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College Attendance Continues to Decline: 85% of College Admissions Directors Worry They Won’t Hit Enrollment Goals

By Kevin Mahnken | September 19, 2017

Fifty-five percent of college admissions directors said in a recent poll that they were “very concerned” about hitting enrollment targets for 2017–18, up from just 31 percent in 2015. All told, 85 percent voiced at least some doubt about meeting their goals for the year, yet more evidence of a nationwide decline in college attendance that has been measured for several years.

The officials voiced their worries as part of Inside Higher Ed’s annual Survey of College and University Admissions Directors, which solicited responses from more than 450 administrators at public, private, and for-profit schools from July to August. The fight for new applicants was the main focus of the study, though participants also gave provocative answers to questions on free-tuition schemes, the use of social media in admissions, and higher education’s response to the 2016 elections.

Just 34 percent of those polled said their institutions had met the coming year’s enrollment goals by the traditional May 1 deadline; that figure represents an 8-percentage-point dip from two years prior. Highly desirable, doctorate-granting public universities — schools like Clemson, University of Virginia, and Purdue — are the only institutions for which a majority of respondents (59 percent) had admitted full classes by May 1. Only about a quarter of public baccalaureate (22 percent) and community colleges (27 percent) had done so.

(The 74: The Rise of ‘College Admissions Sabotage’: When HS Seniors Use Social Media to Rat Out Their Classmates)

Those soft figures are the clearest indication thus far that a “college admissions bubble” has at least partially deflated. After peaking at 20.6 million students in 2011, nationwide enrollment sagged to just over 19 million last year. The result has been a significant slowdown in tuition increases as postsecondary institutions of all kinds adjust to the correction.

The phenomenon’s primary cause is demographic: After ever-climbing millennial hordes made their way to college over the past few decades, declining birth rates have yielded fewer 18-year-olds, and not even elevated high school graduation rates can make up the difference. Obama-era clampdowns on the for-profit college industry have also dramatically shrunk the size of that sector.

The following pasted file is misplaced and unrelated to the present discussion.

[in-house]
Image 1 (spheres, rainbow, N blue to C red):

Fewer students overall means fewer dollars for degree-granting institutions to chase, leading to mass school closures over the past few years. The total number of both two- and four-year colleges eligible to award federal financial aid dropped almost 9 percent between 2012–13 and 2016–17, with media accounts proliferating of small private colleges blinking out of existence.

Some other findings from the study included:

  • Following the surprise presidential election victory for Donald Trump last November, 30 percent of the admissions directors said their institutions had worked harder to recruit low-income white students. Thirty-eight percent said they had increased recruiting of students from rural areas. The Education Advisory Board has dubbed rural students the “holy grail” for college recruiters.
  • Free tuition programs, such as New York’s new Excelsior Scholarship program, have become a source of division between admissions officers in private versus public institutions. Of those surveyed, 37 percent said they support the goal of free tuition, while 34 percent disagree. Half of public university officials thought the schemes were a good idea, while almost as many (46 percent) of their private school counterparts believed the opposite. More starkly, 85 percent of private school respondents said they believed free tuition to be a threat to their institutions.
  • Admissions directors for private institutions also have a much higher threshold for what they consider a reasonable level of student debt for a four-year degree. The vast majority of private administrators believe a reasonable debt level to be between $10,000 and $40,000, whereas the range among most public directors falls between $5,000 and $30,000.

  • While admissions directors largely agree that U.S. colleges have become too dependent on international students from a few countries — such as China and India — few believe that to be the case at their own institutions.

  • Just 14 percent of respondents said that admissions officers should check the social media accounts of prospective students, while four times as many (57 percent) said they should not. Still, in the wake of Harvard’s decision to revoke acceptance from 10 students who made offensive comments on a private Facebook group, three-fifths said that the university was correct in its decision.
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